24 Jul, 09 | by Steven Reid, Evidence-Based Mental Health
Long considered the Heineken of antipsychotic drugs (refreshing the parts of the brain other drugs cannot reach…sorry), clozapine also comes with more restrictions and health warnings than a pack of cigarettes in California. That might change following this study from the Lancet showing that people with schizophrenia prescribed clozapine had a lower mortality rate than those taking any other antipsychotic or on no treatment at all.
Clozapine has been around since the 1960s and when it was introduced offered the distinct advantage of an extremely low incidence of the motor side effects – stiffness, abnormal movements – that beset other antipsychotics at the time. That was until 1975 when it was withdrawn after a case series was reported of 16 patients on clozapine developing agranulocytosis (a severe deficiency of white blood cells), half of them going on to die.
The drug disappeared for 10 years or so until in 1988 it was rehabilitated following a classic study that demonstrated its superior efficacy in treatment-resistant schizophrenia, where other drugs had little or no effect. It was invited back into the formulary but this time with compulsory blood count monitoring and the proviso that at least two other antipsychotics should be tried first
For this new study Jari Tiihonen and colleagues were looking at the gap in mortality between people with schizophrenia and the general population in Finland over 11 years. They had access to data on 67000 individuals with schizophrenia – that’s right 67000. You can do research like that when you have ‘socialized’ medicine. First, they found that over the duration of the study the 25 year gap in life expectancy remained unchanged, despite the introduction of newer treatments. In what may come as a surprise to some, given the notoriety of antipsychotics and their side effects, those taking antipsychotics over the course of the study had a lower mortality rate than those who were drug-free. But by far the drug with the lowest risk of death (due to any cause) was clozapine. Quetiapine, haloperidol and risperidone increased that risk by 41 per cent, 37 per cent and 34 per cent respectively when compared to an older drug, perphenazine. In contrast use of clozapine was associated with a 26 per cent reduction in mortality. Clozapine was also associated with a lower risk of suicide than any other drug.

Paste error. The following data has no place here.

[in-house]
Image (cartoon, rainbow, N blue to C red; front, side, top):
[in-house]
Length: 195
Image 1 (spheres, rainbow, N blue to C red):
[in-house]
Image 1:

The NICE guidance for schizophrenia (in England and Wales) updated in March this year had this to say about clozapine: Offer clozapine to people with schizophrenia whose illness has not responded adequately to treatment despite the sequential use of adequate doses of at least two different antipsychotic drugs. At least one of the drugs should be a non-clozapine second-generation antipsychotic.
Time for a rethink perhaps as not only is clozapine the most effective antipsychotic we have; it may also be the safest.